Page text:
Tuesday, March 22, 2016

Destruction Therapy

Having watched Washington DC get thoroughly trashed a couple of times in the past few weeks, (in White House Down and Olympus Has Fallen), I was left pondering whether this cinematic destruction of the US capital was somehow therapeutic for domestic audiences, in much the same way as Godzilla stomping on Tokyo in the 1950s was a way of post war  Japan dealing with the trauma of the use of nuclear weapons against Hiroshima and Nagasaki.  Watching both films recently, I was fascinated by the way in which they presented as entertainment what had, until recently, been a taboo subject in the wake of the 9-11 attack, namely, the depiction of US cities under violent attack by terrorists, with the mass destruction of various historic landmarks.  So sensitive was this issue that, following September 11, I recall scheduled screenings of the 1976 King Kong being pulled by TV channels, lest his scaling of the now destroyed Twin Trade Towers cause offence to audiences.  Indeed, to the best of my recollection it was a couple of years before the film played again on UK TV.  I don't recall whether Independence Day, with its scenes of just about every major US city and landmark being totalled, suffered the same fate - perhaps destruction by aliens was less obviously terrorist-like than destruction by giant ape. 

To return to the point, are these films a a form of therapy for US audiences?  Does this playing out of a traumatic 'defeat' and the hands of terrorists in fictional form, but with an ending where the US 'wins', by vanquishing the bad guys and democracy remains intact, in spite of the destruction of many of its symbols (the Capitol Building dome, the White House, the Washington Memorial), somehow make it all easier to come to terms with?  Does it act as a surrogate victory over the forces of terror, reassuring audiences that, unlike the outcome of the actual 'war on terror' response to nine eleven, it is possible to triumph over terror?  At least one cinematic precedent come to mind - the Chuck Norris action potboiler Delta Force, which effectively restages the hijacking of TWA flight 847 in 1985, but with a happy ending where the US gets to comprehensively kick the ass of those Hezbollah bastards, rather than the actual outcome which only saw the hostages being released after the capitulation of various governments to some of the hijackers demands.  The movie was generally reviled upon on its release, dismissed as being a vulgar cash in on a tragedy.  The producers' mistake probably lay in releasing the film only a year or so after the real hijacking - there clearly has to be some kind of decent period of a few years between the actual events and films inspired on them to allow the public a period of 'mourning', after which they are able to accept their exploitation as entertainment.  (Of course, the failure of Delta Force might just be down to the fact that it was a crappy film, regardless of its release date).    

Inevitably, I was left wondering whether it is possible to identify any UK equivalent to these examples of cinematic therapy.  Arguably, recent Bond movies like Casino Royale and Skyfall address recent terror attacks and their fall out, with the London Underground sequences in the latter referencing the 7/7 attacks and 007's killing of a terrorist bomb maker in the former echoing the police shooting of an innocent Brazilian, having mistaken him for a suicide bomber.  But I suspect that the long conflict with the IRA, both in Northern Ireland and on the mainland, has made domestic terrorism too sensitive an issue to be fully exploited for entertainment/therapy yet.  Give it a few more years.  You have to go back to the fifties, and science fiction movies, I think, to find anything similar to the recent Hollywood phenomena  of cinematically recreating traumatic domestic destruction.  We did have our own giant radioactive monster movies, with the likes of Behemoth and Gorgo destroying London, Godzilla-style.  But the fact that the UK hadn't been subject to nuclear attack meant that they lacked the sub-text and impact of their Japanese equivalents.  Rather than nuclear bombs, these monsters, at best, represented the Luftwaffe's blitz and the later VI and V2 offensive.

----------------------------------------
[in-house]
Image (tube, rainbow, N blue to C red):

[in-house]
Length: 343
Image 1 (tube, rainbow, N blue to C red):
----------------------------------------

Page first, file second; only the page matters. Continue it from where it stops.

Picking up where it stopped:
It is in the BBC's Quatermass serials, and their film adaptations where we, perhaps, see a dramatic reworking of various war and post-war traumas, with London menaced by a scientifically created menace, (delivered by a V2-like rocket ship) in The Quatermass Experiment, and the whole fabric of British society threatened by an unseen foe which looks and sounds just like us, but behaves in an inhuman fashion, bending workers, bureaucracy and industry to its sinister ends, in Quatermass II.   The latter clearly exploited wartime fears of fifth columnist and Nazi sympathisers and post war communist infiltration scares, along with public worries of the increasingly dehanising effects of technology, whilst the third story Quatermas and the Pit, questioned the very basis of our humanity, suggesting that, with the right stimulus, anyone of us might be capable of committing Nazi/Stalinst type depravities against those we are told are 'different'.  Whilst, I admit, not exactly the same as the films I stared out discussing, these performed a similar function, recreating a version of recent traumas in the safety of a film or television studio, in order to 'defuse' them in the minds of audiences - like the US equivalents, the evil is always comprehensively defeated in a way it hadn't been in real life.



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